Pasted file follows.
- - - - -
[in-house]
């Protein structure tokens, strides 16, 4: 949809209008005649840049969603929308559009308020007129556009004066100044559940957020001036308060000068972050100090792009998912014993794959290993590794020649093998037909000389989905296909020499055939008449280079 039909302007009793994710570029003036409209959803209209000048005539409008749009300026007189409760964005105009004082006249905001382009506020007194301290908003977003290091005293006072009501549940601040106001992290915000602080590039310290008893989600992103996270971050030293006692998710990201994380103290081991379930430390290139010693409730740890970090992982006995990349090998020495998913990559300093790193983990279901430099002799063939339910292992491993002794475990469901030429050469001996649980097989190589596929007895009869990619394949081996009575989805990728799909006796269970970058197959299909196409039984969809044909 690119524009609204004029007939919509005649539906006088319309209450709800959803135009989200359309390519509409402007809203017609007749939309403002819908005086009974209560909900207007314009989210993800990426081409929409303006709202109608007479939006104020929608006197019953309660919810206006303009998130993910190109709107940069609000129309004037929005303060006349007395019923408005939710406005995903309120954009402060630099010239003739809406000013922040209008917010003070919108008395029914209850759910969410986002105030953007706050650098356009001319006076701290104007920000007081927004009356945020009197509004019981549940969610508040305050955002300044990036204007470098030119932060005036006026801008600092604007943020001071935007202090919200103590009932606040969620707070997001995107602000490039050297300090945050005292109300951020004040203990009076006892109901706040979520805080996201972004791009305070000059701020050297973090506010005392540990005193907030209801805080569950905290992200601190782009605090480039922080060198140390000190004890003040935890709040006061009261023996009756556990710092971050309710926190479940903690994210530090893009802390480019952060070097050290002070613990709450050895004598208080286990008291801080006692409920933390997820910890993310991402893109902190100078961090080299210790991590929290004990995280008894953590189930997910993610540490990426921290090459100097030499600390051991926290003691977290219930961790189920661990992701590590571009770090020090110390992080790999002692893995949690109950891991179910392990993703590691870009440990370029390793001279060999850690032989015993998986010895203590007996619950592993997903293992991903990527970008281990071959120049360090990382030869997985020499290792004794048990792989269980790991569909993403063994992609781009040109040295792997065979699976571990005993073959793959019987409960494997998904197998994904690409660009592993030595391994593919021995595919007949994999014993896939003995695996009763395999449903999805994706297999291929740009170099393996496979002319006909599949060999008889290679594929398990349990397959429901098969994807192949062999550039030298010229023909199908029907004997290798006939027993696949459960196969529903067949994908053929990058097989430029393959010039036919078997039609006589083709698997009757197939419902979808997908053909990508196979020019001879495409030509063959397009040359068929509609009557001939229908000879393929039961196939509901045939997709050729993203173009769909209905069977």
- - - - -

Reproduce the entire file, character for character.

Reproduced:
[in-house]
């Protein structure tokens, strides 16, 4: 949809209008005649840049969603929308559009308020007129556009004066100044559940957020001036308060000068972050100090792009998912014993794959290993590794020649093998037909000389989905296909020499055939008449280079 039909302007009793994710570029003036409209959803209209000048005539409008749009300026007189409760964005105009004082006249905001382009506020007194301290908003977003290091005293006072009501549940601040106001992290915000602080590039310290008893989600992103996270971050030293006692998710990201994380103290081991379930430390290139010693409730740890970090992982006995990349090998020495998913990559300093790193983990279901430099002799063939339910292992491993002794475990469901030429050469001996649980097989190589596929007895009869990619394949081996009575989805990728799909006796269970970058197959299909196409039984969809044909 690119524009609204004029007939919509005649539906006088319309209450709800959803135009989200359309390519509409402007809203017609007749939309403002819908005086009974209560909900207007314009989210993800990426081409929409303006709202109608007479939006104020929608006197019953309660919810206006303009998130993910190109709107940069609000129309004037929005303060006349007395019923408005939710406005995903309120954009402060630099010239003739809406000013922040209008917010003070919108008395029914209850759910969410986002105030953007706050650098356009001319006076701290104007920000007081927004009356945020009197509004019981549940969610508040305050955002300044990036204007470098030119932060005036006026801008600092604007943020001071935007202090919200103590009932606040969620707070997001995107602000490039050297300090945050005292109300951020004040203990009076006892109901706040979520805080996201972004791009305070000059701020050297973090506010005392540990005193907030209801805080569950905290992200601190782009605090480039922080060198140390000190004890003040935890709040006061009261023996009756556990710092971050309710926190479940903690994210530090893009802390480019952060070097050290002070613990709450050895004598208080286990008291801080006692409920933390997820910890993310991402893109902190100078961090080299210790991590929290004990995280008894953590189930997910993610540490990426921290090459100097030499600390051991926290003691977290219930961790189920661990992701590590571009770090020090110390992080790999002692893995949690109950891991179910392990993703590691870009440990370029390793001279060999850690032989015993998986010895203590007996619950592993997903293992991903990527970008281990071959120049360090990382030869997985020499290792004794048990792989269980790991569909993403063994992609781009040109040295792997065979699976571990005993073959793959019987409960494997998904197998994904690409660009592993030595391994593919021995595919007949994999014993896939003995695996009763395999449903999805994706297999291929740009170099393996496979002319006909599949060999008889290679594929398990349990397959429901098969994807192949062999550039030298010229023909199908029907004997290798006939027993696949459960196969529903067949994908053929990058097989430029393959010039036919078997039609006589083709698997009757197939419902979808997908053909990508196979020019001879495409030509063959397009040359068929509609009557001939229908000879393929039961196939509901045939997709050729993203173009769909209905069977």